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dan shaughnessy

Keeping an eye on the stumbling Yankees and Mets is entertaining right now

Manager Aaron Boone's Yankees appeared to be running away with the AL East, but suddenly a division title is no cinch.Corey Sipkin/Associated Press

I’m in a New York state of mind.

Maybe it’s because watching the Yankees lose to the Rays last weekend was more enjoyable than watching the Red Sox roll the hapless Rangers (nine straight losses!).

Maybe it’s because the Yanks saw their AL East lead go from 15½ games to just three in the loss column earlier this week. The Yankees have a million players on the injured list, and Aaron Judge is the only guy who’s still hitting. A full el foldo is not out of the question.

It’s the same with the crosstown Mets. The Amazins have been in first place in the NL East for the entire season. They had a 10½-game lead over everybody in June, but just lost three straight to the lowly Nationals and Pirates, and were caught by the Braves Tuesday night. New York and Atlanta had identical records going into Wednesday’s play.

Two baseball teams. Two collapses?

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Too good to be true.

Keeping an eye on all things New York is part of the New England fan experience. We are raised to root against all Gotham teams. In this spirit, I make the old-guy trek into Oak Square every morning to pick up print editions of the New York Post, New York Daily News, and New York Times. They’re worth every penny.

The back page of Wednesday’s Post featured the headline “PITT OF DESPAIR” with a photo of Met Eduardo Escobar walking back to the dugout after striking out against the Pirates.

The free-falling Yankees will be at Fenway next Tuesday and Wednesday, and I can’t wait. With the annoying Red Sox (an embarrassing 18-38 vs. the AL East) riding their laundry cart in the cellar, it’ll be good to see if they can make us feel better by adding to Yankee woes.

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In early August, Hall of Famer Jim Palmer called and asked, “Is it too early to start talking about the Yankees in comparison with the 1978 Red Sox?”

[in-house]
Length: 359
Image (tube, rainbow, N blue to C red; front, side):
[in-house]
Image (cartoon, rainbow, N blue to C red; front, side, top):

Yes, too early, I submitted. But then the New York lead kept shrinking, Don Zimmer-style.

Here in the hardball Hub, we know about blowing leads. Boston old-timers lived through ‘78 (the capo di tutti capi of collapses) when the Sox led the fourth-place Yankees by 14 games on July 20 but somehow managed to fall 3½ behind them in September. Most of you remember 2011 when the Red Sox went 7-20 in the final month, blowing the biggest September lead in baseball history and failing to make the playoffs.

Mets outfielder Brandon Nimmo couldn't come up with this catch during Tuesday's loss to the Pirates.Justin Berl/Getty

Post columnist Mike Vaccaro Sunday cited the worst collapses in Apple history and came up with the 2004 Yanks (remember them?), the 2007 Mets, the 1986 Jets, the 1992 Knicks, and the 1951 Dodgers. Only the 2004 Apple chokers compare with the ‘78 Sox or the chicken-and-beer 2011 team.

This year’s Yankees started 64-28. Since then, they are 17-26 (going into Wednesday’s doubleheader).

There’s another reason to follow the Bronx Bombers, and that’s Judge, a 6-foot-7-inch, 282-pound Bronx hero of Ruthian proportion. Judge had homered in six of the Yankees’ last eight games.

Love or hate the Yankees, it’s impossible to take your eyes off Judge. He had 55homers in his team’s first 136 games, which has been done by only one non-cheater: the great Bambino. The true record for homers in a 162-game season is Roger Maris’s 61 in 1961 — 61 years ago. Ruth hit 60 in a 154-game season in 1927.

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Judge, who connected again Wednesday night, is poised to shatter the Yankees' magic mark of 61 homers.Adam Hunger/Associated Press

The rest of the records (Barry Bonds, Mark McGwire, Sammy Sosa) were set in the cartoonish steroid era when baseball was not testing for PEDs. Judge at Fenway will be a must-watch.

Our obsession with New York sports doesn’t stop with baseball. The NFL kicks off its season Thursday, and no matter how shaky things look in Foxborough, we take comfort knowing the Jets and Giants will be worse. Both finished last in 2021 and both are projected to land in the basement again this year.

The Jets are an NFL punch line, and Robert Saleh is their seventh head coach since Bill Belichick took over the Patriots. The Giants are 22-59 over the last five seasons and have won only one of their last 12 season openers. Here’s the headline above the Giants story in Tuesday’s Post: “Weak 1 — Season-opening loss a Big Blue rite of passage.”

I could also mention that the Knicks have won only one playoff series since 2000.

This schadenfreude regarding New York teams makes us pathetic, but with the Sox in last place and the Patriots shrouded in doubt, allow us the cold comfort that comes with a little Big Apple pain.


Dan Shaughnessy is a Globe columnist. He can be reached at daniel.shaughnessy@globe.com. Follow him on Twitter @dan_shaughnessy.